#5 "Love" (ROBIN HOOD, 1973) - Okay, this song is probably 8 spots too high, but in part my ranking comes from what SHOULD have been nominated from THE most underrated Disney movie - that is to say,"Not in Nottingham,"or at the very least "Oo de Lally" or "The Phony King of England."
(By the way, if you've ever wanted to hear "Not in Nottingham" in Swedish - and you know you have -here it is. Think of a Depressed Swedish Chef in place of the normal Rooster voice.)
#4 "I'm Easy" (NASHVILLE,Won for 1975) - If ALMOST PERFECT is the most underrated movie of the 2000s, NASHVILLE is possibly the best movie about music ever, and certainly the best American movie you have never seen. "I'm Easy" was written and sung by Keith Carradine, who later on would play Wild Bill Hickok inDeadwoodand kicked ass as an FBI agent onDexteras well. That's three moments of greatness better than most will ever touch.)
[Hard to say whether it passes brother David Carradine, who got to have explicit sex with Barbara Hershey in Martin Scorsese's exploitation flick BOXCAR BERTHA, should have won an Oscar as the titular hippie-gangster in Tarantino's KILL BILL, and of course the legend that was Kane inKung Fu. David still gets the nod, but what an underrated family, right? By the way, not for nothing, but I don't believe for a minute that David killed himself in Thailand. You can't tell me it wasn't one of his Kung Fu enemies. (Actually, more likely 20 of them, to take down Kane.) For that matter, does Uma Thurman have an alibi?]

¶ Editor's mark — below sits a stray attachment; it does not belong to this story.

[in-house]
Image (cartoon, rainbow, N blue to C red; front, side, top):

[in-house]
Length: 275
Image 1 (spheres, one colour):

#3 "Gonna Fly Now" (ROCKY, 1976) - One of the Top Ten movie anthems ever, maybe Top Five. Clearly the track that should have been nominated, but seeing as how the 1976 winner was the excreable "Evergreen," I wish they also would have nominated "Take You Back" or "You Take My Heart Away," both from ROCKY. Listen to that theme; don't you want to eat a raw egg and go jog around Philly? Me too!
#2 "For All We Know" (LOVERS AND OTHER STRANGERS, Won for 1970) - If your life depended on it, AND YOU ONLY HAD 30 SECONDS TO THINK ABOUT IT, give me your Mount Rushmore of BEST Female pop voices. I'm sure ten minutes from now I will be kicking myself, but based on my gun-to-your-head criteria, I will take Joni Mitchell, Whitney, Mariah, and Karen Carpenter. Sorry Norah, Aretha, Beyonce, Alanis, and Dusty: that's my Mount Rushmore. Wait. does jazz count as pop? Billie!!!!!! Acccccch! Okay, scratch that. Drop....Damn. Um, let's come back to that another time or else I will spend the next 23 days paralyzed; trying to come up with an answer.
and the number one Song nominated for an Oscar in the 1970s is.....
#1 "The Rainbow Connection" (THE MUPPET MOVIE, 1979) - Arguably the greatest movie song of all time. Sheer perfection. What else is there to say?
Who said that every wish
Would be heard and answered
When wished on the morning star?
Somebody thought of that
And someone believed it
And look what it's done so far.
March 5, 2010
Endnotes Before you ask - songs from previously recorded material are ineligible. That's why "Sunrise, Sunset" wasn't nominated, Mom, so quit bugging me.